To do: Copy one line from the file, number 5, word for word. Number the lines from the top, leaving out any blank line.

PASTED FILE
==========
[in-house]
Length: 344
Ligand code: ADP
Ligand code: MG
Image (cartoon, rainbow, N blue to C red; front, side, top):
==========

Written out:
Image (cartoon, rainbow, N blue to C red; front, side, top):